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Briefing: ANTs Data Server

ANTs Data Server 2.4
$25,000 per CPU
ANTs Software
Burlingame, California
(650) 692-0219
www.ants.com

We all know databases are key players in many applications these days. In fact, it's tough to think of anything we do that doesn't result in a row in a database somewhere. At the same time, we're all familiar with making idle chit-chat on the phone will someone at the other end says "gosh, the computer is slow today." 99% of the time, that means they're waiting for the database.

With the pervasiveness of databases, it makes sense that someone should rethink the way that databases work, with an eye on performance. And that's precisely what ANTs has done. By reworking the core database engine with some innovative idea, they've succeeded in producing a SQL-based RDBMS that can be an order of magnitude or more faster than the competition.

One of the big advances is that they've gotten rid of most of the need for locking in the engine. Rather than locking everything that might result in a conflict, the ANTs Data Server collects SQL statements for a while, analyzes them for conflicts, and then only worries about locking on rows where there's actually a problem. Everything else gets blasted right into the database. It also looks at conflicts right down to the field level, the obvious but seldom-implemented extension to page and record locking. All this is, of course, a gross oversimplification of their patented technology, but it will give you some idea of what they've done in their engineering effort. SQL statements are also compiled and cached for a further boost in speed.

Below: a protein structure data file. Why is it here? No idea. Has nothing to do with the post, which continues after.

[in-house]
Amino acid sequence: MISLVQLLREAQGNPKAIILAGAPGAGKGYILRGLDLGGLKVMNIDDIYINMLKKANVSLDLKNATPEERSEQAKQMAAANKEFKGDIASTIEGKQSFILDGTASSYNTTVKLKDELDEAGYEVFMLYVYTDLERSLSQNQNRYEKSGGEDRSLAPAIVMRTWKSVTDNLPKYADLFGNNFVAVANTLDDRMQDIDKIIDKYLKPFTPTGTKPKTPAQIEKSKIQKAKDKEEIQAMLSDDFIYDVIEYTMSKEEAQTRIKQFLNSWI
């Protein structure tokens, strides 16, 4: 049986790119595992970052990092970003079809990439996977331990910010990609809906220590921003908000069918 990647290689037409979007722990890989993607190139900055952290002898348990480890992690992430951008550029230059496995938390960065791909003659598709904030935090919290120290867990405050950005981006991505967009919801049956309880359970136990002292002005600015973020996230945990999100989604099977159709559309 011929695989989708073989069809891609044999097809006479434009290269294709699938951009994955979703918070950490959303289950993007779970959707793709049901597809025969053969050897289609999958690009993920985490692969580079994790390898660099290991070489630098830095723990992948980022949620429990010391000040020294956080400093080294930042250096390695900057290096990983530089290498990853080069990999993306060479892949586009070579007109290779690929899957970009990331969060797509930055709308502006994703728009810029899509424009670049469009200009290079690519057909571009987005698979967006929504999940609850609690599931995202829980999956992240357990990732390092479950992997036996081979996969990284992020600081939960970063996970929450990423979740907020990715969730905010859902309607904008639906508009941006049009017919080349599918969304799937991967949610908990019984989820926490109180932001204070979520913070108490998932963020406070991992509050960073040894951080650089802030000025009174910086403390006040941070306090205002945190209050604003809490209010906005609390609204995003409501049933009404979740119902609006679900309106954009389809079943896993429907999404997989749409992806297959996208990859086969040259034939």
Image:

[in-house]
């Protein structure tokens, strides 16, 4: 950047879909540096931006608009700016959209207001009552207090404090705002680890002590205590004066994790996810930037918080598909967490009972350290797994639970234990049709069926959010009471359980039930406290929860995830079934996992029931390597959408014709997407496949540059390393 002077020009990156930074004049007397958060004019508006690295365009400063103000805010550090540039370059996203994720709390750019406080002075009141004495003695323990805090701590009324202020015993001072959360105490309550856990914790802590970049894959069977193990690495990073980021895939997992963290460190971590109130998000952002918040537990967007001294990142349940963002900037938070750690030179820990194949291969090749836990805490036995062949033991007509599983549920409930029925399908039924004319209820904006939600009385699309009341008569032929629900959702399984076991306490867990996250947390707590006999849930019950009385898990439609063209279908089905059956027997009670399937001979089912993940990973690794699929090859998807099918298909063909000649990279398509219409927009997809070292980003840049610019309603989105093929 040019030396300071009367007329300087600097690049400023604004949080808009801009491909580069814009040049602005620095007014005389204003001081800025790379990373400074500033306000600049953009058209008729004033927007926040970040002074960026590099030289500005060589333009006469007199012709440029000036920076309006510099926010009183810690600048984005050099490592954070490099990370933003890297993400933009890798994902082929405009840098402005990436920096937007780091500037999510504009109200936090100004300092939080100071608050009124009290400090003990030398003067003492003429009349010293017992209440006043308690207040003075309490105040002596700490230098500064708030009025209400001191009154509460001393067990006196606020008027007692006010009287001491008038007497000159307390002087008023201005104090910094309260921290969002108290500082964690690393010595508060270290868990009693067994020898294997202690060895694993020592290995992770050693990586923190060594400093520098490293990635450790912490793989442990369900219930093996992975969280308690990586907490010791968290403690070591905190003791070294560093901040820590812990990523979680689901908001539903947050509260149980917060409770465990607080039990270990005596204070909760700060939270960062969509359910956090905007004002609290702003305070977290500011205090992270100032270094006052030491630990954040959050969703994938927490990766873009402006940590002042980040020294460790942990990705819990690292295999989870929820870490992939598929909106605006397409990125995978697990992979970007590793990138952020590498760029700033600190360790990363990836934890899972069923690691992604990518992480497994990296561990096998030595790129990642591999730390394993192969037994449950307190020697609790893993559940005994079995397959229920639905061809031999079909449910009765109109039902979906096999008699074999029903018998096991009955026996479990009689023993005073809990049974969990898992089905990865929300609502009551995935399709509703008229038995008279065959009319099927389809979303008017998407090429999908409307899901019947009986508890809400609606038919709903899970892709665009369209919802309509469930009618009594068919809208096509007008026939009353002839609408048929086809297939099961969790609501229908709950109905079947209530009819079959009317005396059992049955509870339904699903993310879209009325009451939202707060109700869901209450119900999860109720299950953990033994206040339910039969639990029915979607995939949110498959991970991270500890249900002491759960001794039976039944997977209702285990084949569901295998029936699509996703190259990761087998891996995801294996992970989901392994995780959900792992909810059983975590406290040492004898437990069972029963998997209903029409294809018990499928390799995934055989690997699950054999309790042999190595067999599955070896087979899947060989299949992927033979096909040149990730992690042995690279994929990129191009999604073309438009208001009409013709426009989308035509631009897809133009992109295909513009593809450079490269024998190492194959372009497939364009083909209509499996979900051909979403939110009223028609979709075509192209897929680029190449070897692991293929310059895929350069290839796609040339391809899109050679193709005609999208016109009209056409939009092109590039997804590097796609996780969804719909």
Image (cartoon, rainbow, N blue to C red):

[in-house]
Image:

The new version supports hyperthreading CPUs and up to 64GB of RAM (obviously, if you can load more into RAM you can also speed things up). There are versions for Linux, Windows, and Solaris. If you know PL/SQL, you won't have much trouble making the transition to the dialect that ANTs supports.

For more information, check out the ANTs Web site, where you can download technical documentation or even a complete working version of the server (though one that's not licensed for production use) to stress in your own application.

About the Author

Mike Gunderloy has been developing software for a quarter-century now, and writing about it for nearly as long. He walked away from a .NET development career in 2006 and has been a happy Rails user ever since. Mike blogs at A Fresh Cup.

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